As a senior campaign adviser, she helped elect Kathy Hochul lieutenant governor and re-elect former Mayor Bill de Blasio.
Amelia Adams, who has never held elective office, is one of the most powerful women in New York State politics.
The 37-year-old political consultant joined Kathy Hochul’s governor race in 2021 and former Mayor Bill de Blasio in 2017 – both won. And in 2018 she took on one of her toughest challenges, raising money for the privately funded Bard Prison Initiative, the biggest college program for the incarcerated in the state of New York. One year later, financial support for the initiative jumped to $1 million, supported by grants from state and local governments.
“If I had to compare consulting with a sport, I would choose football,” Adams said in an interview, seated in a conference room across the hall from her office and overlooking the Hudson River at the southern tip of Manhattan. “My job is basically rushing to get something ready and wait for the results. You can only hope that your work will have a positive impact on underserved communities.”
Crain’s New York Business selected Adams last month for its list of notable Black leaders in the city. “Throughout her career,” the editors wrote, “Adams has worked to advance the interests of two groups: women and members of the Black community.”
Adams discovered her dedication to racial justice when she became a senior advisor for New York City Council Speaker Melissa Mark-Viverito in 2013, the first Latina woman to hold that position. Adams credits Mark-Viverito for pushing her out of her comfort zone and encouraging her to feel comfortable as a Black woman in the halls of power dominated by White men.
A turning point for Adams came when she accompanied her boss to a meeting at 1 Police Plaza to meet with New York City’s police commissioner at his headquarters. They entered a room full of clicking cameras and where they were the only two persons of color. Adams watched and learned as her boss parried one condescending question after another. Adams said she felt a weight lifted off her shoulders and sat “a little straighter” in her chair.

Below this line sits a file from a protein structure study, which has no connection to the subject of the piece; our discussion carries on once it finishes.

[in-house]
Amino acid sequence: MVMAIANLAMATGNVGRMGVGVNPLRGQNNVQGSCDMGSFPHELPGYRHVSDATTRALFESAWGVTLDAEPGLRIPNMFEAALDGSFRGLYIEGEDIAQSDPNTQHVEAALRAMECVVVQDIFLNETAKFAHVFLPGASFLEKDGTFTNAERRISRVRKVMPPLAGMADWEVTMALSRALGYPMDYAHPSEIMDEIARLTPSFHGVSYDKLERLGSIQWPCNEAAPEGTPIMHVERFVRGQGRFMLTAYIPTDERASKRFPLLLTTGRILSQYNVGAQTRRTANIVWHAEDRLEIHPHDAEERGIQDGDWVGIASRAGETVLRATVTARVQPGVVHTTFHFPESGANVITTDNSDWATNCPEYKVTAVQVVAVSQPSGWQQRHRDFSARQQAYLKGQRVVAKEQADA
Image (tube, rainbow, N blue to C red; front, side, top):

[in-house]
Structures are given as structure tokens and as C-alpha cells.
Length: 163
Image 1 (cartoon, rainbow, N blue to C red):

“At the time, getting into politics was a dog fight for women,” Adams said in the interview. “But Melissa was kind, fearless, and loyal. I felt honored to work for a powerful woman of color who inspired me to achieve my goals and believe in my abilities, regardless of the color of my skin.”
Adams grew up with five siblings in public housing projects in Washington Heights. Her father never graduated from high school and her mother bore her first child at age 17. She attended Babson College in Washington, D.C., on a full-tuition scholarship. She graduated in 2006 with a bachelor’s degree in business administration and took a corporate job. She was restless and found her calling – politics – after hearing a speech by then-Senator Barack Obama.
She went to work for the Association of Communication Organization for Reform Now, which advocated for low-income families on social issues such as housing or mental health. Later, she joined the Partnership for New York City. Kathryn Wylde, the group’s chief executive officer, encouraged Adams to form her consulting company and made a pledge that she would become her first client.
In 2018, Adams founded Adams Advisors LLC, her political consulting and community development firm. Despite her status as an insider, she is fully aware of the constraints and obstacles she faces in working for the causes she is engaged to advance.
“You are always limited by legislative calendars, city regulations, and those who truly hold all the power,” she said.